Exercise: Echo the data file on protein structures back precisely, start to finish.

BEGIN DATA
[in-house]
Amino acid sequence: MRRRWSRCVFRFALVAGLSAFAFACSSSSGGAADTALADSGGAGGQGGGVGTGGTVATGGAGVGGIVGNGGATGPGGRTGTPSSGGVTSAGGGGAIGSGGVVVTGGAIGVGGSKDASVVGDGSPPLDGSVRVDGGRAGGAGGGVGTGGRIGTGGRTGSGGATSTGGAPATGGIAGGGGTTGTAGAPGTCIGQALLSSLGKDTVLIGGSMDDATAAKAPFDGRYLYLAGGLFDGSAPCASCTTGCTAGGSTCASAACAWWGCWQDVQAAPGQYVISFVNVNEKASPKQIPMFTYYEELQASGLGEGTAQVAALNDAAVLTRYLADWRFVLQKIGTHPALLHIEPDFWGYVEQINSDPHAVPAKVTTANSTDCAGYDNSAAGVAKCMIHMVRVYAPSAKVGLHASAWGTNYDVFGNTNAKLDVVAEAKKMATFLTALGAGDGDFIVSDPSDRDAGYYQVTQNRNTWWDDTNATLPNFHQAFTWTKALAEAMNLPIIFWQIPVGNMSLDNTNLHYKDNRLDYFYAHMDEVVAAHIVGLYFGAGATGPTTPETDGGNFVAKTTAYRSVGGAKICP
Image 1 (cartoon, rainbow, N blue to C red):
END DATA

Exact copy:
[in-house]
Amino acid sequence: MRRRWSRCVFRFALVAGLSAFAFACSSSSGGAADTALADSGGAGGQGGGVGTGGTVATGGAGVGGIVGNGGATGPGGRTGTPSSGGVTSAGGGGAIGSGGVVVTGGAIGVGGSKDASVVGDGSPPLDGSVRVDGGRAGGAGGGVGTGGRIGTGGRTGSGGATSTGGAPATGGIAGGGGTTGTAGAPGTCIGQALLSSLGKDTVLIGGSMDDATAAKAPFDGRYLYLAGGLFDGSAPCASCTTGCTAGGSTCASAACAWWGCWQDVQAAPGQYVISFVNVNEKASPKQIPMFTYYEELQASGLGEGTAQVAALNDAAVLTRYLADWRFVLQKIGTHPALLHIEPDFWGYVEQINSDPHAVPAKVTTANSTDCAGYDNSAAGVAKCMIHMVRVYAPSAKVGLHASAWGTNYDVFGNTNAKLDVVAEAKKMATFLTALGAGDGDFIVSDPSDRDAGYYQVTQNRNTWWDDTNATLPNFHQAFTWTKALAEAMNLPIIFWQIPVGNMSLDNTNLHYKDNRLDYFYAHMDEVVAAHIVGLYFGAGATGPTTPETDGGNFVAKTTAYRSVGGAKICP
Image 1 (cartoon, rainbow, N blue to C red):